Scientific Name: Eupatorium capillifolium

Common Name: dogfennel

Other Common Names: dog-fennel thoroughwort

Habit: 20 in to 6 1/2 ft in height, with 1 to several stems from a thick woody base. Many small flower heads are created from the upper stem branches. Leaves are pinnately dissected into fine, linear segments. Stems are erect, starting from the woody base, much-branched in the upper flowering portion, hairy, or sometimes smooth below, reddish purple at the base. It has fibrous roots and a woody stem at the ground level that sometimes resembles a taproot. Upright flowering stems persevere through the winter and often into spring. In warmer climates, young plants may die back to the crown and resprout in the spring. Dogfennel characteristically shows itself in nurseries, orchards, crops with decreased tillage, and landscapes. It also grows in abandoned fields and roadsides.

Leaves: Seedling: Cotyledons are egg-shaped, petiolated, and hairless. Young leaves are opposite; the first and sometimes the second pair of leaves have 1-3 coarse teeth, but successive leaves are dissected. Blades are hairy. Mature Plant: Majority of the leaves are alternate; some lower leaves may be opposite. Leaves are once or twice pinnately dissected into fine linear segments.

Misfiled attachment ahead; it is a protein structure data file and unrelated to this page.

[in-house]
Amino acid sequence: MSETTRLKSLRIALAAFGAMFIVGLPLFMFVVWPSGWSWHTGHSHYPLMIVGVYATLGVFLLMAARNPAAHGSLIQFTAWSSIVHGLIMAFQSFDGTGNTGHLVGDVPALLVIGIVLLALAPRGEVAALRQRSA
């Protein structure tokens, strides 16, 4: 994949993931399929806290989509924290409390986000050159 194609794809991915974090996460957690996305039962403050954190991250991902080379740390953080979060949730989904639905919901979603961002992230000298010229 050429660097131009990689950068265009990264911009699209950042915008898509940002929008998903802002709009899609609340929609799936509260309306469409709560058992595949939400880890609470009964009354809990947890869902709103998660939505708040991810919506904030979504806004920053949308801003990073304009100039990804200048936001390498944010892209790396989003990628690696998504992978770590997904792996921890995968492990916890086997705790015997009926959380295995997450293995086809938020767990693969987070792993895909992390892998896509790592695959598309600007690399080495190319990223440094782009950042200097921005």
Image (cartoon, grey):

Identifying Characteristics: When crushed, leaves and particularly flowers give off a strong foul odor.

Flower Seed Head: Flowers are generated in September and October. Flower heads are small and abundant, in much-branched panicles on the upper 1/3-1/4 of the upright stem. Individual heads are small, 2-3 mm long, with 3-6 greenish white disk flowers on each head.

Seed Fruit: Reproduces by seed. The seed is enfolded within the fruit (achene), which is smooth, gray to black, angled in cross section, widest at the apex and 1-1.6 mm long The pappus consists of whitish bristles.

Where Found: Found along the coastal plain from Massachusetts south, all through the Southeast to Texas; generally found anywhere from New Jersey southward

  • Life cycle: perennial

  • Milky sap: Not Present

  • Plant type: Herb

  • Thorns: Not Present

  • Plant family: Asteraceae

  • Leaf arrangement: alternate

  • Leaf shape: needle

  • Ochrea: Not Present

  • Leaf margin: serrated; lobed

  • Stem hairs: no hairs; has hairs

  • Flower color: green; white

  • Growth habit: woody bush or tree; upright and nonwoody

  • Stem: round or oval

  • Leaf structure: pinnate

  • Leaf hairs: no hairs

  • Flower diameter: pencil

  • Flower symmetry: not symmetrical

  • Root structure: fibrous; taproot

  • Leaf stalk: shorter than leaf; none